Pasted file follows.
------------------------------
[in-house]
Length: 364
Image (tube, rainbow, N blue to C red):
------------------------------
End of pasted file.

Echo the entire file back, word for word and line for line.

[in-house]
Length: 364
Image (tube, rainbow, N blue to C red):